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FEC Starts Digging Through Backlog

The Federal Election Commission continued to chip away at its backlogged caseload on Thursday, handing down advice to presumptive presidential nominee Sen. John McCain (R-Ariz.) and four other campaign committees at a packed three-hour public meeting.

Despite concerns of some commissioners, the bipartisan panel unanimously agreed, 6-0, with FEC lawyers that McCain did not break the law late last year by taking out a bank loan to keep his then-struggling campaign afloat.

“There was some very careful maneuvering in these loan documents,” Democratic-nominated commission Ellen Weintraub told her colleagues. “I have a lot of problems with the way this loan was written.”

McCain’s campaign lawyer, Trevor Potter, is a former FEC chairman.

And much to GOP-nominated commissioners’ chagrin, the panel deadlocked on party lines as to whether Sen. David Vitter (R-La.) could use his campaign funds to beat back charges made in court by deceased alleged Washington, D.C., Madam Deborah Jeane Palfrey.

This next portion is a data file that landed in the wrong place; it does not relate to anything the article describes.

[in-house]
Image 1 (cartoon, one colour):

Without four votes necessary to approve either the GOP or Democratic-backed versions of a ruling on the Vitter case, FEC lawyers were ordered to rework some of the language so the Senator could use some of his campaign war chest for public-relations expenses.

“Really, the case couldn’t be more compelling,” said FEC Chairman Don McGahn, one of three Republicans who supported allowing Vitter to use his campaign money to pay his legal expenses. “The commission has had many [similar] cases over the years and I’m very hesitant to undo what the commission has already done.”